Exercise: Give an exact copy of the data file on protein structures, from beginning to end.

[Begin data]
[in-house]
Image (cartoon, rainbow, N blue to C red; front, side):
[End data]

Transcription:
[in-house]
Image (cartoon, rainbow, N blue to C red; front, side):